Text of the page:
Tiny “droplet battery” could revolutionize bio-gadgets

Magnified version of the droplet energy source for visualization. Droplets with a volume of 500 nL were encapsulated in a flexible and compressible organogel. Photo credit: Yujia Zhang.

Have you ever wondered how small devices that interact with human cells get their energy?

Researchers at Oxford University have made a major breakthrough that could transform the world of medical devices.

Biodevices, small tools that can work with the cells of our body, can be very helpful.

They could be used to deliver medicines directly to where they are needed or to heal wounds faster.

But there’s a problem: These tiny tools need power, and so far we haven’t had a good way to give them the power they need.

Inspired by electric eels, which generate electricity through internal chemical reactions, Oxford researchers have come up with a creative solution.

They have developed a tiny battery called the “droplet battery”. Unlike conventional batteries, this one is soft and uses the movement of ions (tiny charged particles) to generate electricity.

To make this battery, they lined up five small drops of a gel-like substance (called a conductive hydrogel).

Each drop contains a different amount of salt, creating a “salt gradient.” This means there is more salt at the ends and less in the middle. They then erect barriers between these drops to separate them from each other.

To activate this battery, they cool it and change its environment, causing these individual drops to become a connected gel.

The ions move from the saltier ends to the middle. By attaching wires to the ends, they can capture the energy that creates this movement and use it to power other things.

The best part? This tiny battery can power you for just over 30 minutes! And even if you keep it for a day and a half, it still works almost as well as before.

To prove how it could work with cells, they connected the battery to some special human nerve cells.

These cells were marked with a fluorescent dye to indicate when they were active. When they turned on the battery, the cells began communicating with each other, demonstrating the battery’s potential for interacting with living tissue.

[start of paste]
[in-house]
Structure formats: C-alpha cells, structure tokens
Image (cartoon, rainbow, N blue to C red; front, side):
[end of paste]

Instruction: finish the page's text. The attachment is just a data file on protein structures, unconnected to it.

dr Yujia Zhang, the project’s lead scientist, is excited about the possibilities. Thanks to modern technologies such as droplet 3D printers, they were able to create synthetic fabrics with special abilities.

With this new battery, they can make even more progress. They even showed that by connecting many of these batteries together, you could power a small lamp!

Thinking ahead, these batteries could be used in wearable devices, special medical implants, and even tiny robots that work inside our bodies. Imagine if you had a wearable device powered by this innovative battery, or a tiny robot that could repair tissue from the inside!

Professor Hagan Bayley, who led the research team, sees great potential in this discovery. “This battery could change the way we think about combining technology and biology,” he says.

This study laid the groundwork for what could be the next big thing in medical technology.

In simpler terms, our body cells may soon have tiny, soft, and efficient batteries that can help them communicate better and maybe even heal us faster.

This cool invention simply shows how nature (like electric eels) can inspire breakthrough discoveries!

Note: For those interested in the science behind cell communication, it occurs via a process called calcium signaling. It’s like the body’s own version of Morse code for cells.

The study “A Microscale Soft Ionic Power Source Modulates Neuronal Network Activity” was published in Nature.

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Source: University of Oxford.

Laura Coffey

Laura Coffey is a Worldtimetodays U.S. News Reporter based in Canada. His focus is on U.S. politics and the environment. He has covered climate change extensively, as well as healthcare and crime. Laura Coffey joined Worldtimetodays in 2023 from the Daily Express and previously worked for Chemist and Druggist and the Jewish Chronicle. He is a graduate of Cambridge University. Languages: English. You can get in touch with me by emailing: LauraCoffey@worldtimetodays.com.

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